Two weeks have passed since the last time I had enough time to sit down and think. There’s no such thing as abandoning the summer’s pace; my mind just won’t slow down by itself; not by telling it to do so. As crazy as it sounds, I’ve been impatiently waiting for the colder, less sunny days to come. Waiting simply because I knew I couldn’t handle the summer craziness much longer, and the long dark evenings seemed the only antidote.

The autumn days… they don’t change anything at the first sight. Sure, the cold rain means no more summer clothes, no more light shoes – but there’s something deeper; something running in our minds independently of the normal train of thought. The autumn makes us all act different.

I never gave it much thought – at least not until my sister called me today. She mentioned how she just stocked up on food and coal – and how illogical it seemed to her. I could only sympathize, as I did the same this week – my fridge is full for the first time since the spring, and I bought a huge pile of warm blankets, pillows and tea mugs at IKEA just a few days ago.

Even when we don’t realize it, we’re preparing for the colder days.

PS. I mentioned the calendar thing at least twice. I honestly believe the Gregorian calendar we’re using is completely out of alignment with anything we live by; it’s moderately useful as a tool but irrelevant for us as humans.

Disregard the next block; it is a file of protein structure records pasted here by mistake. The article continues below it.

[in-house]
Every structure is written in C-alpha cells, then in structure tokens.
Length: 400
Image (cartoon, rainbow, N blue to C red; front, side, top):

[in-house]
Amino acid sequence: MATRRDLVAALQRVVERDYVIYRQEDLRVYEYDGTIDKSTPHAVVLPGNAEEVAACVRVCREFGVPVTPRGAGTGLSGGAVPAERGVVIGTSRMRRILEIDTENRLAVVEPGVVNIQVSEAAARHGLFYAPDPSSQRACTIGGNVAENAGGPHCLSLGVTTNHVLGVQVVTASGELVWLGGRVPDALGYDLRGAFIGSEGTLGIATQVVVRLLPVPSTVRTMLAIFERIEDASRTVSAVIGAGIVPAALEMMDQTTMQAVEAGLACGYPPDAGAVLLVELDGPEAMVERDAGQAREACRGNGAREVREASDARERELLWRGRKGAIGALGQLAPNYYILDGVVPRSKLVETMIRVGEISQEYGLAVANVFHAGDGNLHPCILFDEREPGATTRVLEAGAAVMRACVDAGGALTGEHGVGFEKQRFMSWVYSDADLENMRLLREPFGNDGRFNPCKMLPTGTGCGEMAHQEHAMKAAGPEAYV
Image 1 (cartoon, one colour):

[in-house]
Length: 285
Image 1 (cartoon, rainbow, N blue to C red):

I was born in July. All my life I found something strange about celebrating my birthday: it was hardly a celebration. It took me 26 years to realize it’s not a problem with me, but with the month. July combines several things that, together, are a disaster:

  • too much sun & heat
  • wild expectations
  • being tired; who isn’t in July?
  • even more expectations.

This, together, caused the experience to be miserable every single time. Every year I long towards the end of the summer more and more. Not for it to end – that would be foolish – but for the few days where you can already relax after that exhausting summer and the days are still warm enough that you can.

My year starts on September. It’s the moment I shed the summer skin, go back to what’s most important to me, when I regain control over my life after a period of craze. The year, viewed this way, starts with a calm, fruitful period, moves on to the Christmas time and winter, then the tiring and weird spring, and finally the hectic summer which feels like a wild party.

I could go on like this much longer. Instead, I’ll dust off my old trusty Kindle and try to find a good book on the subject.

PS. I promise not to get existential on my blog too often. ;)